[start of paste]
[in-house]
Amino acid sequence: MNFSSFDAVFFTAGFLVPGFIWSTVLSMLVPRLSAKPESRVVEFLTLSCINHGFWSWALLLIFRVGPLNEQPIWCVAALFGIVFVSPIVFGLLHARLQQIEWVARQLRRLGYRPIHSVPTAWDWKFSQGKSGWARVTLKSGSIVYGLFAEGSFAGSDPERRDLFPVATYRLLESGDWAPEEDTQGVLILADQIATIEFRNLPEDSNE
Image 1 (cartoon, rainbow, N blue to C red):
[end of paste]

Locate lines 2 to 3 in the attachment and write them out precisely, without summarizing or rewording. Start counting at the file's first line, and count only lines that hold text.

Amino acid sequence: MNFSSFDAVFFTAGFLVPGFIWSTVLSMLVPRLSAKPESRVVEFLTLSCINHGFWSWALLLIFRVGPLNEQPIWCVAALFGIVFVSPIVFGLLHARLQQIEWVARQLRRLGYRPIHSVPTAWDWKFSQGKSGWARVTLKSGSIVYGLFAEGSFAGSDPERRDLFPVATYRLLESGDWAPEEDTQGVLILADQIATIEFRNLPEDSNE
Image 1 (cartoon, rainbow, N blue to C red):